Naomi gave Ruth a great gift in welcoming her into her family. She also gave her the gift of freedom – to be able to find a new family if she wished. Ruth’s gift to Naomi was to stay with her, and to share with her what she could. Ruth recognised that one of the most important things about being in a family is supporting those who are most vulnerable and unable to look after themselves.

The story of Ruth and Naomi shows that God places freedom and generosity at the heart of family life. When we make a decision to give our time and attention to the needs of someone else, we open up the possibility of creating a bond that will last a lifetime.


Everyone in families gets on each other’s nerves from time to time, and disagreements are inevitable. Sometimes arguments can stretch out over years, tearing families apart.

The Bible is full of dysfunctional families, with many husbands and wives, brothers and sisters doing horrible things to each other. One of the worst acts took place in the family of Jacob and Rachel. 

The couple had 13 children, but their favoured child was Joseph, who they gifted with a beautiful coat. This, of course, made the other siblings jealous.

One day, when Joseph was feeding the flocks, his brothers decided to kill him. They stripped him of his coat, and threw him into a pit. As they debated what to do next, a caravan came by on its way to Egypt. They decided to earn some money by selling him into slavery, then returned to their parents and told them he’d been killed by wild animals.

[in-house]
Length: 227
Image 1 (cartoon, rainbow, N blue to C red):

This wasn’t the end of Joseph’s troubles. When he was in Egypt he was falsely accused of assaulting his master’s wife and thrown into prison. But he proved himself wise, and eventually came to be an adviser to the Pharaoh.

‘The Lord was with Joseph so he became a successful man’, it says in the Bible. ‘Whatever he did, the Lord made to prosper.’ (Genesis 39:2, 23)

Joseph eventually reunites with his brothers, and reconciles with them when they prove to him that they are changed men. Their family has a happy ending together, but not all families do.

The story of Joseph shows that God will stay with us, no matter what happens to us. It may be possible for us to reconcile our differences with family members we have wronged, or those who have wronged us. No matter what our situation is, it’s certainly possible for us to make a new life for ourselves and become the people we wish to be. A difficult past doesn’t have to be the end of our story.



Topic tags: church-thepeopleofgod, familylife

Request permissions to reuse this article

Interested in more? Sign up to our weekly Catholic Teacher and Parish Life e-newsletters for the faith formation resources you need.

Catholic Teacher sign-up

Parish Life sign-up

This website uses cookies to give you the best, most relevant experience.

Using this website means you are okay with this.

You can change your cookies settings at any time and find out more about them by following this link